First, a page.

PERTH, Australia (AP) -- An Australian aircraft Thursday detected what may be the fifth signal coming from a man-made device deep in the Indian Ocean, adding to hopes that searchers will soon pinpoint the object's location and send down a robotic vehicle to confirm if it is a black box from the missing Malaysian jet.
The Australian air force P-3 Orion, which has been dropping sonar buoys into the water near where four earlier sounds were heard, picked up a "possible signal" that may be from a man-made source, said Angus Houston, who is coordinating the search off Australia's west coast.
"The acoustic data will require further analysis overnight," Houston said in a statement.
If confirmed, the signal would add further narrow the hunt for Malaysia Airlines Flight 370, which vanished on March 8 while flying from Kuala Lumpur to Beijing with 239 people aboard.
The Australian ship Ocean Shield picked up two underwater sounds on Tuesday, and two sounds it detected Saturday were determined to be consistent with the pings emitted from a plane's flight recorders, or "black boxes."
The Australian air force has been dropping sonar buoys to better pinpoint the location of the sounds detected by the Ocean Shield in a search zone that is now the size of the city of Los Angeles.
Royal Australian Navy Commodore Peter Leavy said each buoy is dangling a hydrophone listening device about 300 meters (1,000 feet) below the surface. Each buoy transmits its data via radio back to the plane.
The underwater search zone is currently a 1,300-square-kilometer (500-square-mile) patch of the ocean floor, and narrowing the area as much as possible is crucial before an unmanned submarine can be sent to create a sonar map of a potential debris field on the seabed.
The Bluefin 21 sub takes six times longer to cover the same area as the pinger locator being towed by the Ocean Shield, and it would take the vehicle about six weeks to two months to canvass the current underwater search zone. That's why the acoustic equipment is still being used to hone in on a more precise location, U.S. Navy Capt. Mark Matthews said.
The search for floating debris on the ocean surface was narrowed Thursday to its smallest size yet - 57,900 square kilometers (22,300 square miles), or about one-quarter the size it was a few days ago. Fourteen planes and 13 ships were looking for floating debris, about 2,300 kilometers (1,400 miles) northwest of Perth.
A "large number of objects" were spotted on Wednesday, but the few that had been retrieved by search vessels were not believed to be related to the missing plane, the search coordination center said.
Crews hunting for debris on the surface have already looked in the area they were crisscrossing on Thursday, but were moving in tighter patterns, now that the search zone has been narrowed to about a quarter the size it was a few days ago, Houston said.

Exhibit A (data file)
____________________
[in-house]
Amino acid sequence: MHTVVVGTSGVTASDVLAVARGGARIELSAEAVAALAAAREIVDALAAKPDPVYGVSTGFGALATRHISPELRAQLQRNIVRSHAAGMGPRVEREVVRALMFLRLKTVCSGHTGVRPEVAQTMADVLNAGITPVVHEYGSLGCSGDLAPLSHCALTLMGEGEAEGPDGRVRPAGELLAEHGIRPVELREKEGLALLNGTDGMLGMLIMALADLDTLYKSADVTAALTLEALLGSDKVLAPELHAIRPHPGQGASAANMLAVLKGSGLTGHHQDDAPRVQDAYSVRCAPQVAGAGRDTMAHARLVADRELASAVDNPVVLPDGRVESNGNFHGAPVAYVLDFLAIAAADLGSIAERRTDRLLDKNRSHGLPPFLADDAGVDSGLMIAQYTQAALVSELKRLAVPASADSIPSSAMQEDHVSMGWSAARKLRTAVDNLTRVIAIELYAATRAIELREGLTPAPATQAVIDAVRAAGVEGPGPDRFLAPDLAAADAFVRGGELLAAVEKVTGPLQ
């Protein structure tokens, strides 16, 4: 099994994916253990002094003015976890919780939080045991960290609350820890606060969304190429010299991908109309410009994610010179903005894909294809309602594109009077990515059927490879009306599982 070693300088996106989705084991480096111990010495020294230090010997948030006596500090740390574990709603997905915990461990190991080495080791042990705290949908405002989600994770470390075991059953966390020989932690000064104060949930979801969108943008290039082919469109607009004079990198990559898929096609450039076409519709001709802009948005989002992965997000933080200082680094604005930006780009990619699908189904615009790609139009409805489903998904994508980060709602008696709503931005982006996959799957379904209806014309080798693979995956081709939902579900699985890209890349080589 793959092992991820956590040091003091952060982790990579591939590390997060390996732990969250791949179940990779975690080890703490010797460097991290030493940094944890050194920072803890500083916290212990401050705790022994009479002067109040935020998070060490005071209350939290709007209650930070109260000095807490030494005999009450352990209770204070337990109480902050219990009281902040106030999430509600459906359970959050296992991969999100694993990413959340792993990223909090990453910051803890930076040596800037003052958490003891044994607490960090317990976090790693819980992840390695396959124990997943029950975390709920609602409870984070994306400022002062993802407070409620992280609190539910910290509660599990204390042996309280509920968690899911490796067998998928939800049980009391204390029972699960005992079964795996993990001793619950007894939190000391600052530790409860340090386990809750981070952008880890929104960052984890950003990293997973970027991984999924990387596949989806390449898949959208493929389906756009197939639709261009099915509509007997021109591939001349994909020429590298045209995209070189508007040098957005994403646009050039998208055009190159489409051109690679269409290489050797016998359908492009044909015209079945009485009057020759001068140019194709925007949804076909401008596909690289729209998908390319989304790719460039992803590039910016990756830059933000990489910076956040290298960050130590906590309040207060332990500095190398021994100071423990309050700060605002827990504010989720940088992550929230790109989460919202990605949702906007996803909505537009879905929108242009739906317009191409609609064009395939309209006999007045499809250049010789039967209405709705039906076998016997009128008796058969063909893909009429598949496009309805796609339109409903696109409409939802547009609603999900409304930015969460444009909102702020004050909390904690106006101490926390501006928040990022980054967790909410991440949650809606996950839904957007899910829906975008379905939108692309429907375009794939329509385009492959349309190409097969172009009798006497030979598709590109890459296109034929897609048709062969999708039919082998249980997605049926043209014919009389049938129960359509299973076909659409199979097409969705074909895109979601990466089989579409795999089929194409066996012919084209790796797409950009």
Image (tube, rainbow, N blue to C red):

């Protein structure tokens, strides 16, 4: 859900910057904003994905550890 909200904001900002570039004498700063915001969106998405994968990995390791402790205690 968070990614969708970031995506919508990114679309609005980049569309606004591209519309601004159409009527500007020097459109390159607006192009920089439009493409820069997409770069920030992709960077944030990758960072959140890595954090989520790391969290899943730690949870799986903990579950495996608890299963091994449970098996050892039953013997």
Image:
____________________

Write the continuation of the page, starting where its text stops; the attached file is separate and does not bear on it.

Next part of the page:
Houston has expressed optimism about the sounds detected earlier in the week, saying on Wednesday that he was hopeful crews would find the aircraft - or what's left of it - in the "not-too-distant future."
The locator beacons on the black boxes holding the flight data and cockpit voice recorders have a battery life of about a month, and Tuesday marked one month since Flight 370 disappeared. The plane veered off-course for an unknown reason, so the data on the black boxes are essential to finding the plane and solving the mystery. Investigators suspect it went down in the southern Indian Ocean based on a flight path calculated from its contacts with a communications satellite and analysis of its speed and when it would have run out of fuel.
An Australian government briefing document circulated among international agencies involved in the search on Thursday said it was likely that the acoustic pingers would continue to transmit at decreasing strength for up to 10 more days, depending on conditions.
Once there is no hope left of the Ocean Shield's equipment picking up any more sounds, the Bluefin sub will be deployed.
Complicating matters, however, is the depth of the seafloor in the search area. The pings detected earlier are emanating from 4,500 meters (14,763 feet) below the surface - which is the deepest the Bluefin can dive.
"It'll be pretty close to its operating limit. It's got a safety margin of error and if they think it's warranted, then they push it a little bit," said Stefan Williams, a professor of marine robotics at Sydney University.
The search coordination center said it was considering available options in case a deeper diving sub is needed. But Williams suspects if that happens, the search will be delayed while an underwater vehicle rated to 6,000 meters (19,700 feet) is dismantled and air freighted from Europe, the U.S. or Japan.
Williams said colleagues at the Woods Hole Oceanographic Institution in Massachusetts had autonomous and remotely operated underwater vehicles that will dive to 11 kilometers (36,100 feet), although they might not be equipped for such a search.
Underwater vessels rated to 6,500 meters (21,300 feet) could search the seabed of more than 90 percent of the world's oceans, Williams said.
"There's not that much of it deeper than 6 1/2 kilometers," he said.
Williams said it was unlikely that the wreck had fallen into the narrow Diamantina trench, which is about 5,800 meters (19,000 feet) deep, since sounds emanating from that depth would probably not have been detected by the pinger locator.